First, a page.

Preface: I applied for UX Designer position in a large company. Then was given a call from HR, and during the conversation I mentioned that, yes, I can write the code on JavaScript. Follow up was the scheduling of a phone interview.

Phone ring… I was asked to open a link with some code editor window in browser. And the first question on the interview, which apparently appeared to be a strictly technical and coding interview, was:

- Are you familiar with JavaScript? Ok, write the code to implement event handling in JavaScript as if no implementation of event handling existed in JavaScript.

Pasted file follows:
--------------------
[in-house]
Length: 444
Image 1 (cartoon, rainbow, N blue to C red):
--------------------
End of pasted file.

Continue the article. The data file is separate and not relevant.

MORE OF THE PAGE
- Uh, what? What exactly in your mind?
- I want these two functions:
function addEvent(element, eventType, callback)
function fireEvent(eventType)
- Ok, we can create our own object and make these two functions be a public methods. Something like this:
function eventReadyObj() {}
eventReadyObj.prototype = {
    addEvent: function(el, eventType, callback) { },
    fireEvent: function(eventType) { }
var ourObj = new eventReadyObj();
But what exactly do you want me to do?
- I want this two:
addEvent(document.getElementById("foo_obj"), "foo", myEventHandler);
- I don't understand.
- [short tempered] What were you thinking applying for this position? If you not comfortable to program it's a wrong position for you. Good bye.

End of the interview and the story.

UPDATE: Found it!
AddEvent() solution was posted by Dean Edwards in his blog in 2005.
This solution is the answer to the potential problems using addEventListener and attachEvent (in IE), including, among others, a potential memory leak, or unexpected results, due to their conceptual differences.